‘The Conversion’

Global Film Industries – Nollywood and Korean Cinema

Ryoo, W 2009, ‘Globalization, or the logic of cultural hybridization: the case of the Korean wave,’ Asian Journal of Communication, Vol 19, issue 2, pp.137-151

This article written by Ryoo (2009) has a focus on the Korean wave, which is about the growing popularity of Korean culture. The argument draws attention to the implications of the Korean wave in regard to global and local transformations in culture. South Korea’s film industry is growing and is not only transforming Asia’s culture, but the world’s idea of popular culture. Originally Korean cinema was only viewed by its own country’s audience, however through cultural hybridisation more and more cultures are continuing to watch and experience Korean culture through shows with relatable content to their own culture. South Korea has become the ‘seventh largest film market in the world.’ (Ryoo, 2009) Countries now share this connection through Korean pop culture and are learning to understand one another’s backgrounds to better communicate.

This article is relevant as it relates to week 4’s lecture topic in supporting Korean pop culture and recognising the growth and impact it has had on a global scale. Through new and improving communication technologies, this cultural hybridisation could occur and create networks all around the world. The article also discusses the value chain analysis in depth, which involved the production, distribution and consumption of Nigerian films to provide an insight into the work that is put into one film. The performance of Nigerian film cinema is also mentioned, revealing the popularity of Nigerian film today and how it has, with the intervention of the government, contributed to employment growth. (Ryoo, 2009)

 

Chowdhury, M, Landesz, T, Santini, M, Tejada, L & Visconti, G 2008, ‘Nollywood: The Nigerian Film Industry’, Harvard Business School, pp. 13-33

This article addresses the Nollywood film industry and provides reasons as to why the government now wants to promote it. Nollywood films cost anywhere between $40,000 and $210,000 to produce (Chowdhury et. Al, 2008) and employs a great number of people which is highly valued. Chowdhury (2008) states Nigerian film industry today, ‘produce over 2000 movies a year, employ over one million workers and have a profit of US $200-300 million per year’, something that would never have been expected from a country such as Nigeria. The report also provides graphs and diagrams that make evident the government’s attempts to intervene into the Nollywood film industry. They have been successful and have done so on occasions such as promoting Nollywood films in road shows throughout the country. The production, distribution and consumption process are discussed in detail throughout the report which gives it relevance to the week 4 lecture topic of ‘Global Film Industries – Nollywood and Korean Cinema’ whilst developing my understanding of the content in this topic.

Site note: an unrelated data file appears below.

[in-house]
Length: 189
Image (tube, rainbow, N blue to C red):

It’s also interesting to note how the report also shares the limitations of the Nollywood industry rather than just discussing the positives alone, providing different perspectives on the industry and sharing the struggles the industry also faces when producing films. Overall the article gives light to all sides of the Nollywood film industry and allows us to learn about the successes and concerns they face in the production, distribution and consumption process and does so with relevant sources to support their facts.

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